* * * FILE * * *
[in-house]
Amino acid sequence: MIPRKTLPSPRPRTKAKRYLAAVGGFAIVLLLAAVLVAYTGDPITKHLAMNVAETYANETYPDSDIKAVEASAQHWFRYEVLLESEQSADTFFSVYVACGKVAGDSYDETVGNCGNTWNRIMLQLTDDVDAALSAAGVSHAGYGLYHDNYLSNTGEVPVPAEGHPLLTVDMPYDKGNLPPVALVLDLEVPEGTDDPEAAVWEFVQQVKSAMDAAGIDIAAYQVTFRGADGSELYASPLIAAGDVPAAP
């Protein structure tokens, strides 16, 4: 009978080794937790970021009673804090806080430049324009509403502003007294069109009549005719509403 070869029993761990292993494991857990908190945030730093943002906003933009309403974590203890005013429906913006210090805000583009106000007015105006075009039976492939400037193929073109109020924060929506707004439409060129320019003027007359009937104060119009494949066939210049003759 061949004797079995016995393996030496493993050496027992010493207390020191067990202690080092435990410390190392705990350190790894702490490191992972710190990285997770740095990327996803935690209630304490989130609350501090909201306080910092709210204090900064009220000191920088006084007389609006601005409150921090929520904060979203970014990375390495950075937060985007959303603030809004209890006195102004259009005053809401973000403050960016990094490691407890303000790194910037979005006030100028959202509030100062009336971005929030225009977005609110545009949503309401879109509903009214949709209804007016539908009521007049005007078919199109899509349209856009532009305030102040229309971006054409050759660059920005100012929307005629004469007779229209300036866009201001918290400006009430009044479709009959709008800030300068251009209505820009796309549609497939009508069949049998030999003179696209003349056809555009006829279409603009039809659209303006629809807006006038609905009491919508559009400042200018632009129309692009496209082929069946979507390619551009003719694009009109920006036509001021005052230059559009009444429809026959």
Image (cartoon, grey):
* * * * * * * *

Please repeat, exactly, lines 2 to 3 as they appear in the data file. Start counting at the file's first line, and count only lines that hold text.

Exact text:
Amino acid sequence: MIPRKTLPSPRPRTKAKRYLAAVGGFAIVLLLAAVLVAYTGDPITKHLAMNVAETYANETYPDSDIKAVEASAQHWFRYEVLLESEQSADTFFSVYVACGKVAGDSYDETVGNCGNTWNRIMLQLTDDVDAALSAAGVSHAGYGLYHDNYLSNTGEVPVPAEGHPLLTVDMPYDKGNLPPVALVLDLEVPEGTDDPEAAVWEFVQQVKSAMDAAGIDIAAYQVTFRGADGSELYASPLIAAGDVPAAP
């Protein structure tokens, strides 16, 4: 009978080794937790970021009673804090806080430049324009509403502003007294069109009549005719509403 070869029993761990292993494991857990908190945030730093943002906003933009309403974590203890005013429906913006210090805000583009106000007015105006075009039976492939400037193929073109109020924060929506707004439409060129320019003027007359009937104060119009494949066939210049003759 061949004797079995016995393996030496493993050496027992010493207390020191067990202690080092435990410390190392705990350190790894702490490191992972710190990285997770740095990327996803935690209630304490989130609350501090909201306080910092709210204090900064009220000191920088006084007389609006601005409150921090929520904060979203970014990375390495950075937060985007959303603030809004209890006195102004259009005053809401973000403050960016990094490691407890303000790194910037979005006030100028959202509030100062009336971005929030225009977005609110545009949503309401879109509903009214949709209804007016539908009521007049005007078919199109899509349209856009532009305030102040229309971006054409050759660059920005100012929307005629004469007779229209300036866009201001918290400006009430009044479709009959709008800030300068251009209505820009796309549609497939009508069949049998030999003179696209003349056809555009006829279409603009039809659209303006629809807006006038609905009491919508559009400042200018632009129309692009496209082929069946979507390619551009003719694009009109920006036509001021005052230059559009009444429809026959």